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Stop Horsin’ Around on the Meat Taboo

by Kerry Walsh

Honoré Daumier, French, 1808 – 1879, "Scene of a Horsemeat Diner", from Croquis Parisiens, 1857, lithograph. Ackland Art Museum, The University of North Carolina at Chapel Hill. Gift of Susan Schulman and Carolyn Bullard in honor of Timothy Riggs, 2011.29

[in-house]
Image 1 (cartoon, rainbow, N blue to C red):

Honoré Daumier was a French lithographer who over the course of his lifetime drew over 4,000 lithographs. These lithographs were mainly satirical, and appeared in his French satirical newspaper, La Caricature. Daumier enjoyed criticizing the French government, and also the members of legal professions (judges, attorneys, etc.). One of his lithographs, Hippophagia (1857), gathered a lot of backlash because it advocated for the consumption of horsemeat. At the time of its publication, France was trenched in social disorder and chaos. The government had still not recovered from its monarchial overthrow during the French Revolution of 1789, and with the Industrial Revolution making fast changes to Europe, France struggled to keep up. Instead of becoming a successful empire like Britain, France experienced long bouts of starvation, leading France’s impoverished social class to buy horse meat because of its vast availability and cheap prices. However, though horse meat was not a taboo in France, the consumption of horse meat is a taboo elsewhere around the world. Daumier’s lithograph demonstrates that horse meat is edible, and should not be condemned otherwise. Many critics of horse meat complain that it is too tough, but that is generally due to the meat being overcooked. Instead, one should look at the health benefits of horse meat—it is high in caloric value and in protein. Originally a critique of the French government, Daumier’s lithograph can also be portrayed as his argument for the consumption of horse meat.


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